"I am not sure if I am considering conversion or not. I am just looking for truth (not man’s truth, but Heavenly Father’s truth). I would love to have someone point me in the right direction and maybe answer some questions from me. My goal is to live my life the way Heavenly Father wants me to. I am very interested in reading things on keeping Kosher as well."
Let me see if I can help out. Judaism does not believe there is one single truth, not even God's truth, that can be known by humans. So we as humans struggle to do our best to understand as much as we can and to act according to that which we can grasp. But Judaism is very forgiving of human foibles. Additionally, we are guided by our rabbis and sages who themselves do not agree on everything so a Jew, in order to live an observant life, must learn and study from many points of view to determine what he or she will take on. Are there lazy Jews who don't bother or atheist Jews who see no point? Yes. Are they going to be punished or go to hell? No. We don't believe in hell. The consequence of not making an effort to live according to the commandments is simply a missed opportunity. Those people are probably satisfied with their lives but in my opinion they have missed the chance to live a life of greater kavanah (intentionality).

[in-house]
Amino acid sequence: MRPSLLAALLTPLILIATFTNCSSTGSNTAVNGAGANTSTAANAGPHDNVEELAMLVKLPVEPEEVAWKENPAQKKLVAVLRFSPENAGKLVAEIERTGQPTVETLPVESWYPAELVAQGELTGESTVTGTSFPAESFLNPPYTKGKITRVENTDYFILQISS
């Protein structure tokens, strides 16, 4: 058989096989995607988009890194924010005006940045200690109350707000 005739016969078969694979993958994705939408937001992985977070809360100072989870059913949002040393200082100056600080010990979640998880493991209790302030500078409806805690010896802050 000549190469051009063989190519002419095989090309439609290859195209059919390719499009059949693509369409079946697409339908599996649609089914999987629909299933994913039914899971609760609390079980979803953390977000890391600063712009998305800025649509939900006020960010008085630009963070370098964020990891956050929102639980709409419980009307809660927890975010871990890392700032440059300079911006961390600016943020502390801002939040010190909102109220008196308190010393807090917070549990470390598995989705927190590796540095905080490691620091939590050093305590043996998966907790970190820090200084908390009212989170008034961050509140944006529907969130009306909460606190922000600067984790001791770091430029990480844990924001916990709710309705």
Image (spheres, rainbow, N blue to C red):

Judaism does not perceive God to have a gender. However, Hebrew, like Spanish, is a gendered language so the references to God are often translationed use a male pronoun. Rarely would a Jew refer to a Heavenly Father. An observant Jew would refer to God as HaShem, which in Hebrew means The Name. It is an honorific title like Majesty.
As for keeping kosher, that is complex and varies in numerous small ways from community to community since every community will keep to the ways of their parents and grandparents. So for example, take the practice of waiting after a meat meal before eating a dairy food - one of my local rabbis is from Egypt and his Egyptian community's practice was to wait 3 hours. But he came to America where most Jews are of Eastern European descent and wait 5 hours. He had to change in order to be consistent with the practice of his American congregation.
If you want to pursue learning about kashrut (keeping kosher) there's a book that was recommended to me --
How to Keep Kosher: A comprehensive Guide to Understanding Jewish Dietary Laws by Lise Stern
You can probably ask for it through your library system if you don't know yet whether you want to own it.
If you would like to learn about the diverse ways that Jewish sages have thought about God this is a good book --
Finding God: Selected Responses by Rifat Sonsino and Daniel B. Syme
Here's a description of it - Finding God, by way of essays on significant Jewish thinkers, attempts to answer the questions looming above us all: What is God? Is there more than one God? How can we know God? What does God "want" from us? How does God relate to me?
Does this help? If you have more questions just let me know. I wish you success in your journey.